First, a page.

The Burned House
When I wasn’t looking, the house burned down,
the one standing on the cliff’s edge that just sucked in the smoke
and died. It was tall and full of mirrored rooms, that house
I used to own, each one a tank in which some dreamfish swam in fire,
where liquid light flickered on scales of gold and copper, now white
lumps of half-burned bone, refleshed with sudden coats of ash.
How were these soul aquaria so full of life transformed to ash?
to flecks crisped from scorched love letters blown down
the drive, black ink bleeding on blue paper burned feathery white?
Your words to me, mine to you, became a script of smoke
ribboning envelopes all set alight to fuel this chemical fire
that when my head was turned burned down the house.
Blackened beams are everywhere, obscene stumps of house
frame arching possibilities negated. Nothing made of ash
can be reused. I turn over scant remains uneaten by the fire
that swallowed up the core and spit out shingles, flying down
in flaps of flame, exhaling heat while carcinogenic smoke
billowed from gapped window mouths in plumes of restless white.
When it happened I was working a new bed for the Sonata White
cosmos, but purity failed; fire’s finger drew a circle round the house
of C. sulphureus instead, yellow petals aster bright, tangerine smoke
drifted against the lintel wild alive, drawing all being from that ash
rich compost of dreamfish dying in char as the building came down;
now where the white rebelled I fill my hand with redgold fire.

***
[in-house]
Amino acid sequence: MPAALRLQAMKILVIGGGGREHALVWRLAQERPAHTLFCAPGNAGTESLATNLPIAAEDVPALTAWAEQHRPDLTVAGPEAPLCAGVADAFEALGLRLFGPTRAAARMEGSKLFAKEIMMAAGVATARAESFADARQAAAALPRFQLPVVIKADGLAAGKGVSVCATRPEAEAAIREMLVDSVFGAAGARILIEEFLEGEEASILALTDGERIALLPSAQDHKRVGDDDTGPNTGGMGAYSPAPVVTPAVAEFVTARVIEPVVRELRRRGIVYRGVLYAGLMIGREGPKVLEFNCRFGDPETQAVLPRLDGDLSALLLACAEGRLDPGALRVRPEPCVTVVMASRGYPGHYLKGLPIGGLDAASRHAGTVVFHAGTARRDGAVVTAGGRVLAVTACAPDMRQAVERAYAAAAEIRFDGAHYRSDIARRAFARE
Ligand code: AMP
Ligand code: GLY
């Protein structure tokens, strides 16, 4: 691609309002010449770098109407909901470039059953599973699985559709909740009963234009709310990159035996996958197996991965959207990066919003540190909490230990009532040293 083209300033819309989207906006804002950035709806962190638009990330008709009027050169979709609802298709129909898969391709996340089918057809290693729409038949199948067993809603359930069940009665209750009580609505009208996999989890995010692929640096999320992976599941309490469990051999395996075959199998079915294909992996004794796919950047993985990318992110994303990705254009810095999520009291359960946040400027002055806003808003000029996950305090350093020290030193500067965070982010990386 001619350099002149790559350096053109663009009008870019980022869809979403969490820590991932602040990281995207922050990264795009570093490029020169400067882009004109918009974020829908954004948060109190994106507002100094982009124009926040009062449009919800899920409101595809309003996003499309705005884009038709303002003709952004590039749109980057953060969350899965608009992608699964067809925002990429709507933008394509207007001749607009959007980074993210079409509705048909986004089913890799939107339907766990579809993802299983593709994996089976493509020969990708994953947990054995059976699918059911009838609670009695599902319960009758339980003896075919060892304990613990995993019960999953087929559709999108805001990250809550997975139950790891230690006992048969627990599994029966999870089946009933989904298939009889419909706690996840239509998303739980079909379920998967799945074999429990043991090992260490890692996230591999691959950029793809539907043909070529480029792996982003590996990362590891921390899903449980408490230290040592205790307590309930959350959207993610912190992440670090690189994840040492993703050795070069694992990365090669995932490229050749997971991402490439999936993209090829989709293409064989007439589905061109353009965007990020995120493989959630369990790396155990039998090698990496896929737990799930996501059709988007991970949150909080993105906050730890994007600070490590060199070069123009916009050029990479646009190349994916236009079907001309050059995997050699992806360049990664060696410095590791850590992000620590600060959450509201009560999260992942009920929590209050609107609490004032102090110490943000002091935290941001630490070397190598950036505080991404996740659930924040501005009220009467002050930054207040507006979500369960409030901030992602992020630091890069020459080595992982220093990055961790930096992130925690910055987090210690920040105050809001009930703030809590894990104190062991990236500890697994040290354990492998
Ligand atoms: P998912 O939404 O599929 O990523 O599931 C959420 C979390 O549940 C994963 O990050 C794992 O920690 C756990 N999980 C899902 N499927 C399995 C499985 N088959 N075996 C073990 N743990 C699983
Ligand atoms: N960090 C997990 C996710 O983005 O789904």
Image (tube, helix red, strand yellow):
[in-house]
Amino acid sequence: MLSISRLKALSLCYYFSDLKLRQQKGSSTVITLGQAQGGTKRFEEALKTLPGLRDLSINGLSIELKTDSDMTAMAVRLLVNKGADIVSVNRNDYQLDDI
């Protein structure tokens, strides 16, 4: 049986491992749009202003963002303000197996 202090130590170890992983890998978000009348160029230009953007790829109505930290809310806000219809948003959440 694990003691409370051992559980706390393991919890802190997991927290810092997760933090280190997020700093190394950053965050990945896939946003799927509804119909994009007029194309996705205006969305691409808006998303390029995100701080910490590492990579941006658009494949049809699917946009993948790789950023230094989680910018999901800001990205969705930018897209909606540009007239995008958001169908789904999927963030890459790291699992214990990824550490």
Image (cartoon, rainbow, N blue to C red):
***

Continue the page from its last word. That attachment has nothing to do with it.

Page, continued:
So I come to the doorway drawn by the long gone glow of fire
to rake through the dulled nails and teeth of white
half-melted yesterdays, look for the last inhabitants down
beneath the rotten timbers where the dead house
trembles, gives up its bones and sleeps in ash.
I pick and fuss at the ruins, filling my bag with smoke:
photographs once kodachrome stained to sepia, smoke
colored faces turned to relics, eyeholes eaten black by fire
unreal as the fingerbone of a non-existent saint, grey as ash
and as unlikely to reignite; trinkets charred to white
misshapen in the reflux of the firehose, lockets that house
a tarnished twist of burnt hair muddied by walls long fallen down.
My insurance covers none of this lost substance, now white ash,
a total loss except for cosmos smoke, gold-warm as any fire,
banked embers over the open house of the wild that can’t burn down.
Posted for FormForAll at dVerse Poets Pub
Cosmos is a perennial or half-hardy annual in the aster family, native to Mexico, Arizona, Florida and the southern U.S. down into Central and South America. It grows in both wild and cultivated form. It is heat and drought tolerant and reseeds itself so freely some forms, including C. sulphureus, are considered a weed in some places. Cosmos bipinnatus 'Sonata White" is a pure white hybrid form, bred for the cut flower trade.
Photo: Cosmos bipinnatus "Sonata White" by Julie Anne Workman, Forde Abbey, Somerset, UK
courtesy wikipedia Par Julie Anne Workman (Travail personnel) [CC-BY-SA-3.0 (www.creativecommons.org/licenses/by-sa/3.0)], via Wikimedia Commons